Of muses, faeries and cats
After the multi-arc storylines present in the previous book The Dolls' House, I was not ready for this volume because it was vastly different from what I was getting accustomed to for this series. Instead of a continuation to the major plotlines, Dream Country was an anthology of short stories instead. There is not much to say about this volume because I frankly did not enjoy it in my first reading.
Gradually, I did begin to appreciate the content, especially with Gaiman's delightful take on the Shakespearean story A Midsummer Night's Dream which won the World Fantasy Award. It was only when I started reading the analyses of this particular story in The Sandman Papers that I eventually liked the entirety of what it has to offer so I re-read it several times since and each time I would find a new layer of meaning. For this story, there are a lot of symbols and parodies written in the peculiar structure itself.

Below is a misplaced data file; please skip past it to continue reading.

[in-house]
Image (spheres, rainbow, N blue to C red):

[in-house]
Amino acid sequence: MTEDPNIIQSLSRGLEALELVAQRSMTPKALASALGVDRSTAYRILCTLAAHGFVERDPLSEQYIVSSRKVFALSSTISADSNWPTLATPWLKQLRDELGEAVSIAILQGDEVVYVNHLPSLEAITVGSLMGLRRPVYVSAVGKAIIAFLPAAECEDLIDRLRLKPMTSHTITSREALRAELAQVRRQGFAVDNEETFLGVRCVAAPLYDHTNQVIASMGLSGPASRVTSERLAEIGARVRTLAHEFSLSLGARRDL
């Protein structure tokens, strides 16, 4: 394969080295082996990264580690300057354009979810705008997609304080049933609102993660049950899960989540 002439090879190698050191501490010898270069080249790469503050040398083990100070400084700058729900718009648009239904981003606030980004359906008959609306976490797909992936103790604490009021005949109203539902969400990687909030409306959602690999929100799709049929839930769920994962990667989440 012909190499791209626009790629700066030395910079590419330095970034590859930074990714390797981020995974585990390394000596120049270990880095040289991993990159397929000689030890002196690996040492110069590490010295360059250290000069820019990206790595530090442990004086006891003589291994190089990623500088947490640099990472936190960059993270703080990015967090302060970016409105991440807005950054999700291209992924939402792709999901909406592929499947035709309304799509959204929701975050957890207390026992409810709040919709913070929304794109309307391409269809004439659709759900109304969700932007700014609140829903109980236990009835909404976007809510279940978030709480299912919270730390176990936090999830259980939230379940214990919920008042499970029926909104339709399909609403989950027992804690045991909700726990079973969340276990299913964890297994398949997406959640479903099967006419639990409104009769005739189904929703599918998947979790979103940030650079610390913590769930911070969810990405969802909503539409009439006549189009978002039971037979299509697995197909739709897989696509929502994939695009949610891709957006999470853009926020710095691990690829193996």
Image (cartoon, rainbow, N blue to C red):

The only story I thoroughly enjoyed in this volume even in the first reading was that of Calliope, a Greek muse who was imprisoned by a struggling writer and was rescued by Dream (Morpheus) himself in the end (and she turned out to an ex-spouse). Death's appearance in Façade was remarkable though short, a story that dealt with a former superheroine's mortality (or actual lack thereof, considering her powers). A Dream of a Thousand Cats was almost forgettable, a Planet-of-the-Apes-esque story where cats dreamed that they could rule the world.
This volume might prove to be a distraction from the actual major storyline that readers are more excited to read. Nevertheless, Dream Country was insightful in itself, especially the bonus material where Gaiman's writing process and correspondence with his collaborator/artist were sampled and explored. I would not advise to skip this volume, especially since Shakespeare and Calliope will be appearing again in other volumes.
*This volume deserves another read, particularly A Midsummer Night's Dream.